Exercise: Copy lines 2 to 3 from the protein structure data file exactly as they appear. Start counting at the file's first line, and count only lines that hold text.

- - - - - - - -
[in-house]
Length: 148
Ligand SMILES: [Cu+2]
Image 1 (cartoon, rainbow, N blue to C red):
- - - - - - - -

Length: 148
Ligand SMILES: [Cu+2]